The Railway Crossing

Posted on 13/01/2021 By

Bobby standing in the middle of the Railway Crossing looking south, towards Oakley.

Looking south towards Ockley.

The sun shone one morning in Christmas week. David came over for a socially distanced walk. Most of Bobby’s walking is in the hills. Walking from Laurel Cottage to sandy or chalky locations means Weald mud first, or a short car journey. So they decided on a local muddy walk that encompassed this railway crossing. Suddenly the memories of 2013 came flooding back. And the realisation that Bobby hadn’t walked over it since.

In 2013, this railway crossing became part of an obsession that could have led to tragedy. You need to read our blog from 2017 that follows and realise that the alias “Jim” was, of course, Bobby himself. And note that, in Bobby’s madness, there were actually two railway locations chosen for disaster. Raynes Park Railway station and this crossing. Three years down the ‘line’, he is ever more convinced that the pills he was given were the root cause, together with GAD. The fact that the doctor came rushing round the day he got home from the hospital might suggest that he had read the records and realised that he was part of a catastrophic failure. Where two people were prescribing medication at the same time. This is now Bobby’s firm position.

He has also learned that the apparent indifference of the lovely lady was quite wrong. She had confided her fears in a close friend who finally told him quite recently. The most important section of the story is how Bobby, in his torment, for a while rang the Samaritans every single night. Sometimes twice. For weeks.

Bobby standing in the middle of the Railway Crossing looking north, towards Holmwood.

Looking north towards Holmwood.

Samaritans Poster - "Small Talk Saves Lives".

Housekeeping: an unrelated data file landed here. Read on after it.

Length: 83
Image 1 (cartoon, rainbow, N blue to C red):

Bobby: “Thank you for the life I have now and for the love and friendship that is so important to me.”

Lighting a Candle for Diddley and John

Mr John Newton Rylett: 7th June 1944 - 29 December 2020.

John Rylett was a friend of both Diddley and Bobby as colleagues at work. She admired him for his calm, dignified attitude to life in general. Bobby admires him in discovering now that he had been a Samaritan for over thirty years. Helping people like him in their darkest moments. It was typical of him that he had never mentioned the connection.

A colour drawing of a candle lit for Diddley with a lady above it.

This week’s candle is lit artistically by Kate. Who I now declare to be our “Resident Artist”.

More in the future
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  1. Fliss Drewett says:

    Thank you for such an honest “Mindfully Bertie” this week. Thank you too for your tribute to John Rylett. A true gentleman, excellent team leader and all round jolly good chap. His team mattered to him. He will be missed by family and friends and former colleagues. RIP John

  2. kate green says:

    Thanks for championing my art! Honoured to be part of your blog/journey/life.
    thanks to all those people who love and help other people… they’re the luckiest people in the world to quote barbara Streisand

    • Bertie says:

      Kate… you are now the Resident Artist for Mindfully Bertie. We have expectations of you to enhance the blog in future. It is us who are honoured.

  3. What a delight discovering the writings of Bertie, Bobby and Eamonn so late in the day. I am looking forward to my regular reminders.

    • Bertie says:

      Welcome Dianne. I write for a personal need and love sharing that with people who love life

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